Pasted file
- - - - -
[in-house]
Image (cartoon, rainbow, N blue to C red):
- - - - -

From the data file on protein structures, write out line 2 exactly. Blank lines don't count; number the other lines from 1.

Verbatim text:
Image (cartoon, rainbow, N blue to C red):